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I Am very glad to hear this unfortunate lady doth take tilis course, to confess fully and freely, and thereby to give glory to God and to justice. It is, as "I may term it, the nobleness of an offender to confess: and therefore those meaner persons, upon whom justice passed before, confessed not; she doth. I know your lordships cannot behold her without compassion: many things may move you, her youth, her person, her sex, her noble family j yea, her provocations, if I should enter into the cause itself, and furies about her; but chiefly her penitency and confession. But justice is the work of this day; the mercy-seat was in the inner part of the temple; the throne is public. But since this lady hath by her confession prevented my evidence, and your verdict, and that this day's labour is eased; there resteth, in the legal proceeding, but for me to pray that her confession may be recorded, and judgment thereupon.

But because your lordships the peers are met, and that this day and to-morrow are the days that crown all the former justice; and that in these great cases it hath been ever the manner to respect honour and satisfaction, as well as the ordinary parts and forms of justice; the occasion itself admonisheth me to give your lordships and the hearers this contentment, as to make declaration of the proceedings of this excellent work of the king's justice, from the beginning to the end.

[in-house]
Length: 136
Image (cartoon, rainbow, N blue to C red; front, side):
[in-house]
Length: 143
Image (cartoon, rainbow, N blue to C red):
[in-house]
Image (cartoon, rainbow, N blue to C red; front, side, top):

It may please your Grace, my lord high steward of England: this is now the second time, within the space of thirteen years' reign of our happy sovereign, that this high tribunal-seat, ordained for the trial of peers, hath been opened and erected, and that with a rare event, supplied and exercised by one and the same person, which is a great honour unto you, my lord steward.

• Given May 2-1, 161G.